I expressed surprise and shock at the rumours and Zada answered with resignation… “I am used to it”. A little light bulb went off in my head and a million questions rushed to my mind, but the driver was there and his English too good for me to hide behind big words. It would have to wait. I just pulled out my phone and excitedly texted my girlfriend, thousands of miles away, to say “I think Zada might be gay”. Continue reading Our secrets

Clarifying values

I’m squatting down against the wall. Hiding behind a handful of colleagues. I will cry later, in my bare hotel room, but for now I squat. I pretend to be tired of course, it’s been a long day of workshops and we only have about 20 minutes left for the Value Clarification Exercise. Yet, I am scared someone will notice, how this affects me, how shaken I am, how unprepared I feel.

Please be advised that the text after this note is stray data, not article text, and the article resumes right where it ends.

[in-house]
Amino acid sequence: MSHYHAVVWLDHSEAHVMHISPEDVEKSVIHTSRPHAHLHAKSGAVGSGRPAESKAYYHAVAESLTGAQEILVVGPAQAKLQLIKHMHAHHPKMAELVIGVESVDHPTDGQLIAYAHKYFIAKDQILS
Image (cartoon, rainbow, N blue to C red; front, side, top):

There are about 70 of us, colleagues working for an international organization, an institution you might say. Seven of us are standing on this side of the room, under a taped-up signed stating “Disagree”, and about 60 people are on the other side; they agree. Seven of us. Four of us are white. Two are expats from another African country. Thank goodness, Viola is there, my mentor, the person I am learning everything I know from and who I run to when I have a bad day at work. One of them, one, is a national staff, a Ugandan. “It must be because she lived abroad in South Africa” I find myself thinking.

The statement we are asked to agree or disagree with is simple: I would change my children’s school if I found out that one of their teachers was gay. Sixty of my colleagues are standing under the “Agree” sign and explaining why they would immediately move their children, report the teacher, protest with the school management. They are indignant, they are shouting, they are horrified at the suggestion. They use strong words. I will not remember them one day, self-preservation I guess.